Some jobs are harder than others. Navigating the waters of your first-time manager position ranks high on the list.
The initial few weeks (years) are what I term the early-awkward phase. Mastery isn’t an issue. Survival is. Mastery comes next decade.
Most individuals arrive at their first-time management position in one of two ways: battlefield promotion or deliberate development program. You can guess which one is most common.
The battlefield promotion path to management means you’ve got a heartbeat and someone somewhere has a feeling you won’t screw this up too badly. And if you do, well, they’ll promote the next one standing.
For those of you fortunate enough to come to your new role via a proper development path, complete with training, coaching and ample time guiding initiatives, you’ve got a slight advantage. You at least have a clue about what you don’t know.
Regardless of your path to the role, you have at least 10 challenges to navigate the minute you walk in the door on your first day:
Top Ten Challenges of the New Manager:
- Gain their trust.
- Establish your credibility.
- Show respect.
- Understand the mission of your team.
- Learn your boss’s priorities.
- Understand your team’s role in meeting your boss’s priorities.
- Learn who does what.
- Begin tuning in to the team’s/firm’s culture.
- Learn the operating routine of your team.
- Learn about your team’s customers.
One Small Idea with the Potential for BIG Positive Results:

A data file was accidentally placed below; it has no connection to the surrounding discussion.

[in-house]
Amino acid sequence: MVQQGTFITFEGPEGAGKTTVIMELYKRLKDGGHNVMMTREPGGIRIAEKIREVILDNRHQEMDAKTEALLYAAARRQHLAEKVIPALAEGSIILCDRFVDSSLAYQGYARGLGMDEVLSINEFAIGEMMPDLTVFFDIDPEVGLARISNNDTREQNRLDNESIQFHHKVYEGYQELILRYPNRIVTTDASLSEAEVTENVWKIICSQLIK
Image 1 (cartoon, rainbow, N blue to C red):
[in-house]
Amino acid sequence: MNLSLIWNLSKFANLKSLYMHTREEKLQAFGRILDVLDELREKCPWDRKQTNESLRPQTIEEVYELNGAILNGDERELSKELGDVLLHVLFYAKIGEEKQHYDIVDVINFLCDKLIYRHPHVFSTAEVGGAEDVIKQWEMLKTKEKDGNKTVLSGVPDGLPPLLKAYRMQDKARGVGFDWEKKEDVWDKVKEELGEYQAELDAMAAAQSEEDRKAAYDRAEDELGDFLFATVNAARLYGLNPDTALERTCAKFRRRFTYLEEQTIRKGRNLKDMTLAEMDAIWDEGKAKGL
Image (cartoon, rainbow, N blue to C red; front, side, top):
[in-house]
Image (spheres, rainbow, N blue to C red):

Prepare your attitude.
Yep, that’s it.
People wear their attitudes on their faces, in their posture and body language and certainly in their verbal communication. You want to make certain your attitude is saying, “I’m here to help, not command and I need your help to succeed.”
You want to help your new team members move closer to discovery mode and away for defend mode.
Here are some prompters to help make certain you project the right attitude as you get started as a new manager:
- Accept that being promoted to lead a team should be humbling.
- Know that you now play a direct role in their success.
- Recognize, you cannot succeed on your own unless they succeed.
- Internalize that you are in your new role to serve, not command.
- Be confident that over time, you will have ample opportunity to form and frame the team and environment. Day one as a first-time manager is not the time.
- Accept: you may have been an expert last Friday, but on Monday, you are a beginner.
- Wear your smile as a calling card.
- Stifle your propensity to critique current approaches.
- Wield polite questions and active listening as your primary tools.
- Recognize and live the ancient truism: Be kind for everyone you meet is waging a great battle.
The Bottom-Line for Now:
Every single thing you do or say in your initial days as a manager will be interpreted and then amplified. Your focus must be on eliciting curiosity and a sense of hope that your presence means the opportunity for people to prosper.